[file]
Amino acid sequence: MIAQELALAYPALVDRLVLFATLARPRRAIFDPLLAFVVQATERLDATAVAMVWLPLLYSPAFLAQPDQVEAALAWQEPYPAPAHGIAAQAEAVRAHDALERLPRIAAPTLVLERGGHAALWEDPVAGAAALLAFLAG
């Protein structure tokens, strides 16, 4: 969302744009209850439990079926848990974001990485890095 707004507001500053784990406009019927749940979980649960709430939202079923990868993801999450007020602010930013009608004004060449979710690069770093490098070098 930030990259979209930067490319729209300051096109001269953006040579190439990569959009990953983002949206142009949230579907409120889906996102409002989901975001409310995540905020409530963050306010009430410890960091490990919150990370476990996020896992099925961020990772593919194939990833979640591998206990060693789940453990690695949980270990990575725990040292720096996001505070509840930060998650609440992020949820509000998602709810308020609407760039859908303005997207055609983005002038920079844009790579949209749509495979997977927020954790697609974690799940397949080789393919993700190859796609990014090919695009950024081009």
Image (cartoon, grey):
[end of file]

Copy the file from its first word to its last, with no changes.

Amino acid sequence: MIAQELALAYPALVDRLVLFATLARPRRAIFDPLLAFVVQATERLDATAVAMVWLPLLYSPAFLAQPDQVEAALAWQEPYPAPAHGIAAQAEAVRAHDALERLPRIAAPTLVLERGGHAALWEDPVAGAAALLAFLAG
């Protein structure tokens, strides 16, 4: 969302744009209850439990079926848990974001990485890095 707004507001500053784990406009019927749940979980649960709430939202079923990868993801999450007020602010930013009608004004060449979710690069770093490098070098 930030990259979209930067490319729209300051096109001269953006040579190439990569959009990953983002949206142009949230579907409120889906996102409002989901975001409310995540905020409530963050306010009430410890960091490990919150990370476990996020896992099925961020990772593919194939990833979640591998206990060693789940453990690695949980270990990575725990040292720096996001505070509840930060998650609440992020949820509000998602709810308020609407760039859908303005997207055609983005002038920079844009790579949209749509495979997977927020954790697609974690799940397949080789393919993700190859796609990014090919695009950024081009």
Image (cartoon, grey):